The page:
Al-Ghazali's Theory of Education: Its Philosophy and Its Impact (Continued)
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6. Scholars, teachers and pupils
As Islamic society evolved, numerous changes took place in the nature of the educated élite and its role in society. At first, this élite was essentially made up of religious scholars; there then appeared ‘writers' and ‘philosophers', followed by Sufis. Each group represented a specific category of social leaders, who at times co-existed peacefully, but at other times had violent and bloody clashes over the principles or interests of their respective groups. These clashes, in turn, helped to shape Islamic society and civilization, and ended in the 11th century CE with the victory of the alliance of the fuqaha' and Sufis over the philosophers and scholars. Things remained thus until the end of the 18th century, when a new intellectual leadership appeared, that of the modern, secular, western-educated scholars, who imposed themselves in the 19th and 20th centuries.
Figure 8: A folio from the Akhlaq-i Nasiri, a philosophical treatise written by the famous scholar Nasir al-Din al-Tusi. (Source).
Al-Ghazali is greatly concerned by the problem of the scholarly élite. In his criticism of the scholars of his time there may be an element of self-criticism since, before undergoing a spiritual crisis, he first immersed himself in politics and academic disputes seeking fame and social advancement, subsequently foresaking the wealth and influence he had enjoyed, and retreating into seclusion and asceticism.
Al-Ghazali represents the traditional Islamic approach in his insistence on the importance of scholars (the inheritors of the prophets) in society. He defines the role of the scholar in society as: (a) seeking to attain the truth; (b) cultivating his innermost self and acting in accordance with the knowledge which he has attained; (c) disseminating the truth and teaching others without desire or fear . ‘Whoever learns, acts and teaches shall be mighty in the kingdom of heaven, for he is as the sun, whose resplendence illuminates other bodies, or as musk, whose fragrance perfumes other objects; in undertaking to teach, he accomplishes a great and momentous task, and must therefore be mindful of his rules of conduct and functions.'  The scholar who does not use his knowledge, but who withholds it and does not disseminate it shall be punished . The standing of scholars is determined by the standing of the sciences they work in. Since the religious sciences are more important than the temporal sciences, fiqh more significant than medicine, medicine more noble than witchcraft, the sciences of unveiling more important than those of transaction.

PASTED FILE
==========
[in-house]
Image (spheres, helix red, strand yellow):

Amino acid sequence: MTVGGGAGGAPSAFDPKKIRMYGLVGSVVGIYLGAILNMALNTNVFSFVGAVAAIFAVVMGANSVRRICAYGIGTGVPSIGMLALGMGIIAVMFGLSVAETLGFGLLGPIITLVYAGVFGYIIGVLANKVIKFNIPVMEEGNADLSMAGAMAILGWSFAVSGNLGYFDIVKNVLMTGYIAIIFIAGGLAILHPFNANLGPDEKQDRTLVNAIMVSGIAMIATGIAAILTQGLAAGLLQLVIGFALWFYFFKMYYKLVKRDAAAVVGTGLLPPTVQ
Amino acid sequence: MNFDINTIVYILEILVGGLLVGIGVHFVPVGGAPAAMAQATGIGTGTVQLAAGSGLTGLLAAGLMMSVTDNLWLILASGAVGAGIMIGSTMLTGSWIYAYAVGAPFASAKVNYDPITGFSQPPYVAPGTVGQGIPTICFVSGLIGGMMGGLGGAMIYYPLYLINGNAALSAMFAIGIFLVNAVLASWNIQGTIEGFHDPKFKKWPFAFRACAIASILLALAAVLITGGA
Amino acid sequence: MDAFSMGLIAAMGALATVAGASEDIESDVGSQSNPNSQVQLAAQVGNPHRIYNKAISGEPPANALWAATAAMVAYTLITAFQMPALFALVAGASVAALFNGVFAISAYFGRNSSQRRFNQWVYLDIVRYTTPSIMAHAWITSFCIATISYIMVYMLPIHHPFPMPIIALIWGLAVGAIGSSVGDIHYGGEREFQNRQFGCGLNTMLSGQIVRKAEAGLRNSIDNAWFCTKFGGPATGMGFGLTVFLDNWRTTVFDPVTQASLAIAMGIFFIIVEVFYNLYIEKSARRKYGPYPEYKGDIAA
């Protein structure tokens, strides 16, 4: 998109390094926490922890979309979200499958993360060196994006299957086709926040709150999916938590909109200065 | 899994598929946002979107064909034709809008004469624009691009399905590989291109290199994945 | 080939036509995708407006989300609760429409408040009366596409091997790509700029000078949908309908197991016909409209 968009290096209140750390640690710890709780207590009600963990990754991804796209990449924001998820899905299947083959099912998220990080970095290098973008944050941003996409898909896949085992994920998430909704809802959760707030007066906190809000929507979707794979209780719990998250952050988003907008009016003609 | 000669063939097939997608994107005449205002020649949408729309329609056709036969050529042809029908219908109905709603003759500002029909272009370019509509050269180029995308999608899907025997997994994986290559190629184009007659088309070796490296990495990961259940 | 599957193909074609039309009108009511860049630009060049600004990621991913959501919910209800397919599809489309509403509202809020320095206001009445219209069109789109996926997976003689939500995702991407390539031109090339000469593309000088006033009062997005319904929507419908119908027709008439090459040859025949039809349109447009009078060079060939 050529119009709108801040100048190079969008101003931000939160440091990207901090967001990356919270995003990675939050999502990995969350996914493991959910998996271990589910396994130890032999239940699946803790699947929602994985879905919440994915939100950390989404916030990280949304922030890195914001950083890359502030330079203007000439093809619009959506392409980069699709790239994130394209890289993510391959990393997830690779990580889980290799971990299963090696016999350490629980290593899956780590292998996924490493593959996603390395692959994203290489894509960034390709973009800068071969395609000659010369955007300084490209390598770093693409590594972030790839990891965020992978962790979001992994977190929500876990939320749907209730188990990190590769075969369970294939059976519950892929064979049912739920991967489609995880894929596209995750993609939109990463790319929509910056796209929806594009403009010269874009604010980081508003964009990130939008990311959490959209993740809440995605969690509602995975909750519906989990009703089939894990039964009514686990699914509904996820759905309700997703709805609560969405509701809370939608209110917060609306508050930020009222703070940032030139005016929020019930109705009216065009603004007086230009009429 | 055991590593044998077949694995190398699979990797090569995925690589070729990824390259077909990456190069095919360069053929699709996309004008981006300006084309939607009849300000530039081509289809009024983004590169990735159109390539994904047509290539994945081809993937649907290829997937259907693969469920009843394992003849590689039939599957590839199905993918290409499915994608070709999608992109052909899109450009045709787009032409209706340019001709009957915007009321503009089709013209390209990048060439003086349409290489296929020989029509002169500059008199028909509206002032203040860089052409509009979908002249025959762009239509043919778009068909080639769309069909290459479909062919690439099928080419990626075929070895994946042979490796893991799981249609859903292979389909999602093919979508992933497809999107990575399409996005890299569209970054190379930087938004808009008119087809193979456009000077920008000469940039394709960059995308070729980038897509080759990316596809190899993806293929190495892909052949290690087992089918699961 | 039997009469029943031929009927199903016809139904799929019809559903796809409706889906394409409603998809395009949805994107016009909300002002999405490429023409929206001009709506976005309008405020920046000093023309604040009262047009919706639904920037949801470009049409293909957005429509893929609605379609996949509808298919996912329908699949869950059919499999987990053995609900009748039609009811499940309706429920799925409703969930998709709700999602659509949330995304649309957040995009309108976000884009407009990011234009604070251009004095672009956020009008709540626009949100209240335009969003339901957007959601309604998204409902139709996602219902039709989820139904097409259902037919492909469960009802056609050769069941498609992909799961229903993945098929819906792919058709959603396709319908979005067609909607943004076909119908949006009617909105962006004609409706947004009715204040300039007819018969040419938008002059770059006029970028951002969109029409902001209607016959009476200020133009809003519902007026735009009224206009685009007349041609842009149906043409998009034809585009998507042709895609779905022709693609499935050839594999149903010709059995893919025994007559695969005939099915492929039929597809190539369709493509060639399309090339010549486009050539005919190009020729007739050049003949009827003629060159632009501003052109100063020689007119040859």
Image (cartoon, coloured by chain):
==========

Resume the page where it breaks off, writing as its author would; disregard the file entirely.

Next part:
Al-Ghazali is critical of the scholars of his age (and of himself), particularly in view of their avidity for wealth and influence, their proximity to the rulers, their failure to abide by their own teachings, their interest in the traditional sciences, which help them to gain high office (e.g. fiqh), and their neglect of useful sciences (such as medicine) . Although al-Ghazali places the Sufis above the ‘ulama' (fuqaha' and philosophers), he does not spare them from his criticism or attacks. In his view, most Sufis have strayed far from the essence of Sufism and only aspire to the social position that Sufism confers on them .
Figure 9: View of the interior of a madrasa, from a poem by Elyas Nizami (1140-1209), dated c.1550 © Bridgeman Art Library / Institute of Oriental Studies, St. Petersburg, Russia, MS D-212. (Source).